Q: Outwardly I am a fairly busy man, and my work demands concentration and attention. When my mind is thus occupied, my inward conflicts are forgotten; but as soon as there is a lull in my work, I am back in my (inner) conflicts. These conflicts are of varying nature and at different levels. I want to be successful in my work, to be at the top of my profession, with plenty of money and all the rest of it, and I know I can be. At another level,
I am aware of the( existential) stupidity of my ambitions. I love the good things of life, and opposed to that, I want to lead a simple, almost an ascetic existence. Instinctively I am a peaceful person, yet anger is easy for me. Outwardly I give the appearance of being calm and steady, but I am agitated and confused by my inward conflicts. I am well over thirty, and I really want to break through the confusion of my own ( contradicting) desires. Can you tell me whether it is possible for me to have some kind of inward serenity?

K: Instead of trying to 'do away' with ( your inward state of) conflict, let us see if we can understand this agglomeration of ( the various threads of thought-sustained by?) desire. Our problem is to see the nature of ( the thought-sustained ) desire, and not merely to overcome conflict; for it is ( the inner) fragmentation of desire that causes conflict.
( The time-binding activity of self-centred ? ) desire is stimulated by association and remembrance; ( needless mentioning that) memory is part of ( the total process of) desire (Eg:) the recollection of one's pleasant and unpleasant ( experiences ) nourishes ( the momentum of) desire and breaks it up into opposing and conflicting desires. The ( temporal) mind identifies itself with the 'pleasant' ( activities of thought-desire) as opposed to the 'unpleasant' (ones) ; through the (subliminal) choice of pain and pleasure the ( self-centred) mind 'separates' (fragments the activity of the thought -sustained) desire, dividing it into different categories of pursuits and values.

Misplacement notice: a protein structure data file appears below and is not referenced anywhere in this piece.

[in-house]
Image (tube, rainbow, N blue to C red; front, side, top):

Q: Though there are many conflicting and opposing (threads of thought-sustained ) desires, all desires are one. Is that it?

K: That is so, is it not? And it is really important to understand this (holistic point) , otherwise the (time-binding?) conflict between opposing desires is endless. The 'dualistic (split' between the 'good' & 'bad' aspects of ) desire, which the ( time-bound) mind has brought about, is a (wide spread?) illusion.
There is no ( intrinsical) dualism in desire, but merely different types of desire. There is dualism only between ( thought's self-centred movement in ) 'time' and ( the Consciousness of?) 'Eternity'.
Our concern is to see the unreality of the dualism of ( the 'good' vs 'bad' forms of) desire. Desire does divide itself into 'want (this)' and 'non-want' ( not want that?) , but the avoidance of the one and the pursuit of the other is still ( the continuity of thought &) desire.
(To make a very long story short :) There is no 'escape' from ( your inner state of) conflict through any of the opposites of desire, for ( when it is countered ?) desire itself breeds its own opposition.

Q: I see rather vaguely that what you say is a (very holistic perception of the inward ) 'fact', but it is also a (personally observable ?) fact that (inwardly) I am still torn between my many desires.

K: It is a ( true inward?) fact that all ( the thought- sustained threads or ) activities of desire is (are) one and the same, but (unfortunately we cannot ) use it as an 'instrument' to free ourselves from the conflicts of desire; (on the other hand ) if we see it to be true then it has the ( intelligent?) power to set the mind free from breeding illusions.
So ( to recap:) we must become aware of ( the subliminal fragmentation of the thought-sustained activity of ?) desire breaking itself up into separate and conflicting parts. ( And also to become aware that inwardly ?) we 'are' ( subliminally identified with ) these opposing and conflicting desires – (in fact) we 'are' ( identified with) the whole ( diverging) bundle of them, each pulling in a different direction.

Q: Yes, but what can we 'do' about it?
K: Without first catching a (totally insightful?) glimpse of ( the thought-sustained movement of) desire as a single unit, whatever we may try to do will be of very little ( experiential) significance, for ( trying to control ? ) desire only multiplies ( or diversifies the activities of ?) desire and the mind is ( getting) trapped in this ( all-controlling ?) conflict.
There is freedom from (mind's condition of inner?) conflict only when ( the movement of thought-enforced) desire, which makes up the ‘I’, comes to an end.